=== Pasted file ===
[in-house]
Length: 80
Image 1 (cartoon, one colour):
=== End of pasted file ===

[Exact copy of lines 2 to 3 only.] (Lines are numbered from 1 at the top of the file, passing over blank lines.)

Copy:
Length: 80
Image 1 (cartoon, one colour):